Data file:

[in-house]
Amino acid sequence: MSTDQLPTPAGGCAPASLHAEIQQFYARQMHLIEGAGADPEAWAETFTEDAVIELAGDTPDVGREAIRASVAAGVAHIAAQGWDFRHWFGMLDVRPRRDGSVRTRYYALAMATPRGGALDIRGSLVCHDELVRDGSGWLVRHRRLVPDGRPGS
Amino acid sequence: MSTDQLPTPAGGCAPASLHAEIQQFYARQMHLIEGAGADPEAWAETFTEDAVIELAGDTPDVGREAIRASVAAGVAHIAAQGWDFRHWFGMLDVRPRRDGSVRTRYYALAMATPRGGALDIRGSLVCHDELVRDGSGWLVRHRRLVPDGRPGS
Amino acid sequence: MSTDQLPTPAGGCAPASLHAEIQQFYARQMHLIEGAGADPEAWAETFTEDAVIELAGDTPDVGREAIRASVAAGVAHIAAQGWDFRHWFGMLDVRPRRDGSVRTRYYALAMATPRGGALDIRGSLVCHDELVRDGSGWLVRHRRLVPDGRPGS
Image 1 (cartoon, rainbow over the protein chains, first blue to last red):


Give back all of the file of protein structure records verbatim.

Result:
[in-house]
Amino acid sequence: MSTDQLPTPAGGCAPASLHAEIQQFYARQMHLIEGAGADPEAWAETFTEDAVIELAGDTPDVGREAIRASVAAGVAHIAAQGWDFRHWFGMLDVRPRRDGSVRTRYYALAMATPRGGALDIRGSLVCHDELVRDGSGWLVRHRRLVPDGRPGS
Amino acid sequence: MSTDQLPTPAGGCAPASLHAEIQQFYARQMHLIEGAGADPEAWAETFTEDAVIELAGDTPDVGREAIRASVAAGVAHIAAQGWDFRHWFGMLDVRPRRDGSVRTRYYALAMATPRGGALDIRGSLVCHDELVRDGSGWLVRHRRLVPDGRPGS
Amino acid sequence: MSTDQLPTPAGGCAPASLHAEIQQFYARQMHLIEGAGADPEAWAETFTEDAVIELAGDTPDVGREAIRASVAAGVAHIAAQGWDFRHWFGMLDVRPRRDGSVRTRYYALAMATPRGGALDIRGSLVCHDELVRDGSGWLVRHRRLVPDGRPGS
Image 1 (cartoon, rainbow over the protein chains, first blue to last red):